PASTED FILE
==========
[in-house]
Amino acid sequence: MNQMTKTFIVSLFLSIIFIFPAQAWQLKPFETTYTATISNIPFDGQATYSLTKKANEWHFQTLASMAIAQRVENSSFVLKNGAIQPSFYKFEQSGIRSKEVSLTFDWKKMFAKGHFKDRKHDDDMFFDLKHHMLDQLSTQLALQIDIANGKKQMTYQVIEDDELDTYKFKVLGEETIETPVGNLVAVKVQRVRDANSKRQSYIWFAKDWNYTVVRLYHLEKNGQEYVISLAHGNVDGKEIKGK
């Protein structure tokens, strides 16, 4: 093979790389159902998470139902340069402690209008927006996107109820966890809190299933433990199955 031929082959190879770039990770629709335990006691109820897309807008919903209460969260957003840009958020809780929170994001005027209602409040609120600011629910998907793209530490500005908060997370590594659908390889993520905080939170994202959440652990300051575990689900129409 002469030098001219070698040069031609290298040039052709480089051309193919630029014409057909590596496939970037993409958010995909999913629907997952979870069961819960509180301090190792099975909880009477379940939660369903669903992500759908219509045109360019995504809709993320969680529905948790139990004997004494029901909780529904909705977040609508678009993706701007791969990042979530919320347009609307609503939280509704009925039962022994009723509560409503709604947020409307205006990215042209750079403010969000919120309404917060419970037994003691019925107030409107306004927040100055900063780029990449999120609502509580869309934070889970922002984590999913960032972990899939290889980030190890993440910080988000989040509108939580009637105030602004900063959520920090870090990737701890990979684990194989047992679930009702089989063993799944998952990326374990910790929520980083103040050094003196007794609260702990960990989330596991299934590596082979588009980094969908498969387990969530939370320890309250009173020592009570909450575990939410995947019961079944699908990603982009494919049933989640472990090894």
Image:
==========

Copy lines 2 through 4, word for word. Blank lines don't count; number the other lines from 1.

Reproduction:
Amino acid sequence: MNQMTKTFIVSLFLSIIFIFPAQAWQLKPFETTYTATISNIPFDGQATYSLTKKANEWHFQTLASMAIAQRVENSSFVLKNGAIQPSFYKFEQSGIRSKEVSLTFDWKKMFAKGHFKDRKHDDDMFFDLKHHMLDQLSTQLALQIDIANGKKQMTYQVIEDDELDTYKFKVLGEETIETPVGNLVAVKVQRVRDANSKRQSYIWFAKDWNYTVVRLYHLEKNGQEYVISLAHGNVDGKEIKGK
């Protein structure tokens, strides 16, 4: 093979790389159902998470139902340069402690209008927006996107109820966890809190299933433990199955 031929082959190879770039990770629709335990006691109820897309807008919903209460969260957003840009958020809780929170994001005027209602409040609120600011629910998907793209530490500005908060997370590594659908390889993520905080939170994202959440652990300051575990689900129409 002469030098001219070698040069031609290298040039052709480089051309193919630029014409057909590596496939970037993409958010995909999913629907997952979870069961819960509180301090190792099975909880009477379940939660369903669903992500759908219509045109360019995504809709993320969680529905948790139990004997004494029901909780529904909705977040609508678009993706701007791969990042979530919320347009609307609503939280509704009925039962022994009723509560409503709604947020409307205006990215042209750079403010969000919120309404917060419970037994003691019925107030409107306004927040100055900063780029990449999120609502509580869309934070889970922002984590999913960032972990899939290889980030190890993440910080988000989040509108939580009637105030602004900063959520920090870090990737701890990979684990194989047992679930009702089989063993799944998952990326374990910790929520980083103040050094003196007794609260702990960990989330596991299934590596082979588009980094969908498969387990969530939370320890309250009173020592009570909450575990939410995947019961079944699908990603982009494919049933989640472990090894």
Image: